Dubrovnik: An Unofficial World Wonder
I’ve only been to Dubrovnik twice in my life: as a child, when I lived in Bosnia and visited it during a field trip with my 2nd grade class, and as an old adult, only 2 years ago. The beauty and history of the Old City fascinates me to this day. Not only is it a great – and very affordable – place to vacation during the summer, but it is also a historical landmark, one that even Napoleon conquered some few hundred years ago. And that’s just one of the ways it inspires awe in me.
Located on the Dalmatian coast in the Adriatic sea, Dubrovnik is Croatia’s most famous tourist attraction. Every year, hundreds of thousands of people from all over the world travel to it, exploring its endless wonders: its crystal clear ocean water, its fabulous beaches, and the prestigious Old City, which deserves a label as one of man-made Wonders of the World. Upon my last visit to Dubrovnik in the summer of 2011, I was impressed by how much it had changed from the way I remembered it as a child: it seemed to be an international city, with all sorts of languages spoken at every corner, and it appeared to be bigger, even though it probably wasn’t. The wide diversity of people I saw during my week of stay there was beyond belief, and it made my holiday that much more special and memorable. It felt as if I was travelling through the entire Europe, and not just one city in Croatia.
Because Dubrovnik attracts so many people of different nationalities, it will naturally have a wide variety of restaurants. If you want typical Croatian food, you will find it on every corner, and naturally so. Or perhaps you fancy yourself a pizza? Well, in Dubrovnik I’ve tasted some of the best pizzas in my life. They follow the recipe, ingredients and crust type of the original pizza from their neighbors across the Adriatic Sea: the Italians. With that kind of inspiration, you know you can’t go wrong, especially when the menu offers at least 30 different types of pizzas. Everyone will be able to find their pie of choice.
The Dubrovnik sea is a special kind of sea. It is surprisingly crystal clear, pure and on a cloudless sunny day – which in Dubrovnik is most of the time – it reflects the sky so perfectly that even the most gifted painter would be envious of its appearance. The water’s temperature is always pleasant and warm, and the sights and sounds it produces as the waves splash onto the shore are a perfect lullaby for the traveler looking to nap on the beach while tanning.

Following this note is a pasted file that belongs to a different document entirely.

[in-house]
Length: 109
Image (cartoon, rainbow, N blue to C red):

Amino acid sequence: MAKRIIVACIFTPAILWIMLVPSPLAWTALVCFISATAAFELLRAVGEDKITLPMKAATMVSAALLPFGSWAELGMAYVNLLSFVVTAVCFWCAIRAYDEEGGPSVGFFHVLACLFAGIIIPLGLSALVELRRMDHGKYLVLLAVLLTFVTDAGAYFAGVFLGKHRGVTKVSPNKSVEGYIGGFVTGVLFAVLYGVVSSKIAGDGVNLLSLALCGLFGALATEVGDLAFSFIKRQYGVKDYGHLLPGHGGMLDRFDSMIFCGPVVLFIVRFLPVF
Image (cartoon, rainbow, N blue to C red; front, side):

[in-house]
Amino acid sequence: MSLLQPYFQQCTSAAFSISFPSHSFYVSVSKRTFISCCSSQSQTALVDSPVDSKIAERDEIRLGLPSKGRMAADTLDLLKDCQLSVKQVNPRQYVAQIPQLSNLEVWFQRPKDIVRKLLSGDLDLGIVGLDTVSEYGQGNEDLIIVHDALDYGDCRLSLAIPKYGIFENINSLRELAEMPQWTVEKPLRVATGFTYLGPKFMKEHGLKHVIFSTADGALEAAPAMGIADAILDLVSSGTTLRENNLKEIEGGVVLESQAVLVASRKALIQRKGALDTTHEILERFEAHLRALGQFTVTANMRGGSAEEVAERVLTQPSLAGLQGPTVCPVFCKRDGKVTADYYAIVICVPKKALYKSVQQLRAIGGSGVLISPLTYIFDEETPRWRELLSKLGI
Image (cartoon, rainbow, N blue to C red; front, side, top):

There are also plenty of cafes and bars, and often right on the water. I sat in a bar outside of Dubrovnik’s Old City, and as I drank my beer while watching the beautiful islands in the distance, I noticed that many of the patrons were swimming in the water, just 20 or 30 feet away from where I was sitting. Envious of the joy they were having, I put my beer down, took my shirt off, and joined them. Eventually I found out they were also from the United States (Atlanta). When we got out of the water, we had a beer together, and talked about the elusive beauty of this great destination. Why is it that more Americans don’t talk about Dubrovnik as one of the major cities to visit when travelling in Europe? We vowed we’d spread the good word as soon as we got back, because no place this unforgettable should go unnoticed by so many.
Dubrovnik was, is and always will be a place that inspires awe in me. It is a city that I could – if my schedule and finances would allow me – visit at least once a year, during its busy tourist season. June, July and August are excellent months to go there, for not only is the weather perfect, but there are also numerous summer festivals, events and other festivities to be a part of. Dubrovnik may not officially be a World Wonder, but for me it always will be just that, and much more.
About the Author: Armand Diab is a 35 year old former Corporate Video production freelancer who graduated from Columbia College Chicago in 2002 with a Bachelor’s Degree in Film & Video Production. He is currently teaching English in Shenzhen, China. He will be there until the end of June 2014.